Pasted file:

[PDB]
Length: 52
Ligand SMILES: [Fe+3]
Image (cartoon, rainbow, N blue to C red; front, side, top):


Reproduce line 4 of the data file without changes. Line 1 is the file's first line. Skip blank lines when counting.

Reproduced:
Image (cartoon, rainbow, N blue to C red; front, side, top):